Recently, the North Carolina Office of Administrative Hearings (OAH) addressed the constitutionality of statute that allowed a deduction from the corporate franchise tax base only for receivables owed to the taxpayer by related corporations doing business in the state. The North Carolina franchise tax is imposed on C corporations, and liability is computed on a separate entity basis. During the years at issue, the franchise tax was calculated as a percentage of the greater of 1) a corporation’s capital stock base; 2) 55 percent of the assessed value of the corporation’s assets located in North Carolina; and 3) the value of the corporation’s investment in tangible property in North Carolina. The capital stock base is calculated by reference to the taxpayer’s books and records, with certain required adjustments. Two adjustments were at issue in the dispute. The first adjustment required a taxpayer to add back to the capital stock base amounts owed to affiliate corporations. The other adjustment required a corporation to deduct from the capital stock base amounts owed to it by affiliate corporations to the extent that the receivables were not included in the affiliate debtor’s capital stock base under the first adjustment. For practical purposes, this meant that the addback was required when the debtor affiliate was not doing business in North Carolina and was not subject to franchise tax. The taxpayer claimed that the second limitation— denying corporations a deduction for affiliate receivables owed by corporations not doing business in North Carolina— constituted discrimination against interstate commerce prohibited by the Commerce Clause of the U.S. Constitution.
The first issue before the OAH was whether it had jurisdiction over the constitutional challenge. The OAH is permitted to consider a constitutional challenge if it is an “as applied” challenge, as opposed to a facial challenge. The Department argued that a taxpayer must first establish that the subject statute is not facially unconstitutional before an as applied challenge may be considered by the OAH. It further argued that the taxpayer had not established, or even or asserted that the statute was facially constitutional. Reviewing prior North Carolina cases, the OAH concluded that the taxpayer could proceed with a claim that the statute was unconstitutional as applied to it without first having to establish that the statute was capable of constitutional applications. Next turning to the taxpayer’s claim that the statute was discriminatory, the OAH noted that the statute at issue denied the taxpayer a deduction for certain of its affiliate receivables, while a corporation that loaned only to affiliates that do business in North Carolina was permitted to deduct all its affiliate receivables. The OAH concluded that this “differential treatment” based on the location of the debtor’s business (in-state vs. out-of-state) was clearly discrimination. The fact that a debtor was not subject to North Carolina’s franchise tax, the OAH noted, was no reason to deny a taxpayer a deduction that applied to all corporations that lend to North Carolina affiliates. Please contact Nikki Emanuel-Jarrell with questions on Philip Morris USA, Inc. v N.C. Department of Revenue.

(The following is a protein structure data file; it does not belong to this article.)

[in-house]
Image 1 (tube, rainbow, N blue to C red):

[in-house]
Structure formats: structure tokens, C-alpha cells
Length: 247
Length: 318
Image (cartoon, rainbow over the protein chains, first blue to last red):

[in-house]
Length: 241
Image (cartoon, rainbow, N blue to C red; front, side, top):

The Virginia Department of Taxation recently addressed whether a mural painted by an artist (the taxpayer) for a subway station was subject to sales and use tax. The mural at issue was painted on three separate canvasses before it was installed into the subframe of the subway station. The issue before the Department was whether the artist was selling tangible personal property or providing a service. In a transaction involving both the sale of property and the provision of a service, the Commonwealth applies the true object test. If the true object of a transaction is to secure a service and the tangible personal property which is transferred to the customer is not critical to the transaction, then the transaction is an exempt service. However, if the object of the transaction is to secure the property produced by the service, then the entire charge, including the charge for any services provided, is taxable. In the Department’s view, the "true object" of the transaction between the artist and the train station customer was to obtain the canvasses. The mural work would be of no value to the customer without the transfer of the canvasses installed in the subframe. Therefore, the entire charge for the mural, including the services rendered in creating the work, were subject to Virginia retail sales and use tax. Please contact Jeremy Jester with questions on Policy Document 21-157.